Argentine university awards journalism prize to Hugo Chávez

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  • March 30, 2011

By Ingrid Bachmann

Amid controversy for the decision to award him a prize, Venezuelan President Hugo Chávez received the Rodolfo Walsh Prize in the category “Latin American President for Popular Communication," which the Universidad de La Plata awards every year, La Razón reports. See stories in English by ReutersCNN, the Associated Press, and other sources.

According to the organizers, the prize recognizes “the authentic and unquestionable commitment to freedom of the people” of the Venezuelan president, El Mundo reports. The prize takes the name of a writer, journalist and militant politician who was kidnapped and disappeared in 1977, during Argentina’s military dictatorship, the EFE news agency explains.

However, the recognition of Chávez was described by La Gaceta as “unpopular, or at least, controversial,” given Chávez’s media policy that has fought several private news organizations.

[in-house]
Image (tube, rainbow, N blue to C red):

According to LaNoticia1.com, Venezuelan media and journalists suggested that during Chávez’s administration freedom of expression has suffered several blows and recalled that the president has closed 34 radio stations and two TV stations over administrative arguments.

Chávez dismissed such allegations. “We have not closed a single medium in Venezuela. There is full freedom of criticism and thought,” he said upon arriving in Buenos Aires, El Universal reports. The dean of the Journalism School at the Universidad de La Plata defending the award to Chávez. “We believe that there is freedom of expression in Venezuela,” said Florencia Saintout, quoted by Clarín.

According to InfoBAE, after receiving the prize, Chávez made a call to fight against "media dictatorships” and to defeat them.

Note from the editor: This story was originally published by the Knight Center’s blog Journalism in the Americas, the predecessor of LatAm Journalism Review.